I find myself having the greatest moments of inspiration sitting in traffic on my way to work lately. Maybe it's because the part of my day where I am alone with just myself. Or maybe my thoughts are just a distraction from the crazy people who are driving too fast down a highway that is clogged. We're all going to get there, guys. This week I was thinking a lot about people, both present and gone, but not just people. I started thinking about my husband and my father and all the boys I've loved before. I thought how curious my journey with love has been and this idea of forgiveness started to take root. I started thinking about every relationship that I found myself in, the longs ones and the ones that lasted just a moment. I thought about the lessons each one taught me, the ones I kept and the ones I realized weren't to take with me along my way. Every person who comes into our lives has a purpose, not all good but a purpose just the same. I thought about the relationships my younger self found myself in compared to the relationships that I allowed as I got older and how vast the difference was, how toxic they once were versus the healthy of what they have become. When we're younger it's all so fast, so quick, so visceral. Everything about being young feels like fire and it's wonderful and exciting and, at times, harmful but lovely, too. I look at my husband and, as corny as this may sound, realize that I needed every one of those bad guys to truly accept someone like him. And I started to understand that maybe love isn't so much about love for someone else. It's more about loving yourself.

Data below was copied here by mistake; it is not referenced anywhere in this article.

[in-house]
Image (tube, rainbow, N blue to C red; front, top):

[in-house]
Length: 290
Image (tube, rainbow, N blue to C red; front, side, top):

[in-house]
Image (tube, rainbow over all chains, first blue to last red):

I will be honest. I have carried around a lot of fear of my life, of people walking out on me, of not being enough, of somehow not living up to my own expectations. I had this fake sense of courage that I wore because my biggest fear was for someone to see me as vulnerable. If you could see my weakness, then you would know exactly how to hurt me but I was always really good at doing that on my own. Boys just seemed cruel, something I needed to keep at arms length. So that's where I kept them for a long time even the ones I thought I loved. So I allowed myself to get into these bad relationships with bad people because that's what I thought I deserved. I thought that if they were less then I would be more, could feel like I was more. And I know that sounds twisted in its own way but I did not have enough faith in myself to realize I was more without them. I was full of self sabotage because it was easier to fail, easier to be with these people that didn't involve a lot of effort. What difference did it make if we didn't make it? I wasn't looking for forever. I was looking for that moment because when you're young it's only that moment that matters. I remember my father shaking his head at me, at these choices I was making, knowing what he was thinking, knowing that he knew I knew I deserved better and being frustrated that I kept picking these toads. I also knew that these toads were somehow important. Not because they meant something but because where they took me would someday mean so much more.